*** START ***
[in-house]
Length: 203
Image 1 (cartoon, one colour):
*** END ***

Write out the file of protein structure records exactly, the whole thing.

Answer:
[in-house]
Length: 203
Image 1 (cartoon, one colour):